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We are humans. And as such, we are vulnerable. We have great things that we strive towards and do. And in that same breath, we have other tasks that we just cannot complete with any certainty of proper completion.

I, for one, believe that everybody has something that they can do exceptionally well.  This gift is usually a diamond in the rough. You must work at it, polishing each skill until it glistens. Learning your trade and becoming the expert takes hard work. Yet the core of your gift is always there, waiting for you to dig it out and start to use it.

So, how do you accomplish those tasks that you’re not really good at? One way is to trade what you do well to others who need what you do. And, the other person can exchange their best services which you need in exchange for your services, helping them. Does this sound like the start of commerce? Well, I imagined it works really well until someone in Mesopotamia finally figured out the touchstone. Ever since then, our trade seems to be centered around everything from precious metals to plastic.

If I need some cabinets built, everyone cringes. They have seen me with power tools. I can work hard for days at a time, jump on an airplane, and sleep during the trip to a South Pacific island. I wake up right before the plane lands, and work for the next 3 to 4 days diagnosing and repairing sensitive electronics with little more than an hour or two of rest per night. When I get back home from the trip, it is obvious I need to hire a housekeeper to help me out on occasion. I’m just not good at housework.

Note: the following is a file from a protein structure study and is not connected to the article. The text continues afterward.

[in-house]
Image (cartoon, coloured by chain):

It is okay to admit that you’re not good at something. Because recognizing the fact gives you a choice. You can either live in poor conditions, or you can trade what you do well for what others do well. This is the essence of how we work.

I will grant you that these days I work for one person who pays me what I am worth in monetary currency. I take that currency and give it to someone else for something that they do well, and I need. It’s hard sometimes to look through all the money, bank transfers, credit cards, and other financial documentation, but when you boil all that down, we are trading what we can do for those things we need to have done by someone else.

Thank you for being with me today. I hope to be with you again tomorrow.

Author: Mike Balof

A retired Air Force Master Sergeant, Mike used to lay in bed at night and worry about what would happen if his plant closed or found himself without a job. One day his plant closed. Rather than panic and hysteria (OK, maybe a little) Mike found himself carried away on the adventure of his life. Mike started with the best job he ever had working at Home Depot. He spent 8 years working with job seekers at a local workforce center, helping them to find employment. He then started his own company developing courses, writing books and urging others to follow their own paths into the future. Mike holds a Master of Arts in Adult Education and Training and a Bachelor of Business Management, earned through the University of Phoenix and an AAS degree in Electronics Systems Technology from the Community College of the Air Force. Mike is a member of the Delta Mu Delta Business Honor Society.

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